• Kakurenbo Yokocho (Hide-and-seek alley)
  • Kakurenbo Yokocho (Hide-and-seek alley)
  • Kakurenbo Yokocho (Hide-and-seek alley)
  • Kakurenbo Yokocho (Hide-and-seek alley)
  • Kakurenbo Yokocho (Hide-and-seek alley)

Kakurenbo Yokocho (Hide-and-seek alley)

Insta-worthy History Food & Drink

Easy Access

English

Family-friendly

Free Admission

Parking

Restroom

Unrestricted by Weather

Wheelchair-friendly

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Things to know

Kakurenbo Yokocho (Hide-and-seek Alley) in Tokyo’s Kagurazaka area is a pathway that got its name from a story that if you were following someone, you’d lose sight of them as soon as they entered the alley. One look at cobblestone pavement is enough to make visitors envision geisha ambling around during the Edo period. There are many stylish restaurants hidden in the alley, but it’s also a great place for a relaxing stroll. 
Nearby, you can also see Geisha Kodo, which has a geisha office; a training area for the shamisen, a traditional Japanese instrument a public bath; and Hyogo Alley, which is an alley that was named for a weapon and armor storage area that was there during the Warring States period.

*This is private property. Please be careful of noise and bad behavior.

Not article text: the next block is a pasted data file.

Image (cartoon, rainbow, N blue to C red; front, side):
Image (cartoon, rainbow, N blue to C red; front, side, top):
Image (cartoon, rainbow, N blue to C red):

*It is forbidden to litter. Be weary of cigarette ash and butts and general trash.

Information

〒1620825
3 chome Kagurazaka, Shinjuku-ku, Tokyo
Get directions
Duration: 0.5 hours
Official Site
Recommended Season
January・February・March・April・May・June・July・August・September・October・November・December

Details such as opening times/fees etc are subject to sudden change. While we endeavor to keep our site up to date, we advise you check the official website for each spot for the latest information

Reviews

Ada_Wan

WOW U-mediator
  • 2020-02-14

The Kagurazaka area not far from Iidabashi station is one of my new favorite spots to visit in Tokyo. With little stores filled with the most interesting histories, Kagurazaka-dori shopping street is peaceful yet bustling with positive energy as I went from store to store, talking to shopkeepers about the store's products. After eating a strawberry cream-filled Pecko-chan, anmitsu (dessert with jelly, red bean paste and fruits dating back to the Meiji era) and "ukigumo" (floating cloud, oven-baked meringue with bean paste - I had the matcha one and it was delightful), a trip down the stone-cobbled, narrow streets of Hyogo Yokocho and Kakurenbo Yokocho was a must. One can almost imagine geishas and weapons merchants strolling on a hot summer's afternoon, with the black fences further adding to the vibe. I also spent some time standing outside of Wakana (an inn that is unfortunately now closed) where famous novelists would stay at and produce their works. All in all, the Kagurazaka area gets two thumbs-ups from me.

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